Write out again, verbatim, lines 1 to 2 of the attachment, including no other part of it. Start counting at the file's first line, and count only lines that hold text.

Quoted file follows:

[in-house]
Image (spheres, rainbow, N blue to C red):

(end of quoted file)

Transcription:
[in-house]
Image (spheres, rainbow, N blue to C red):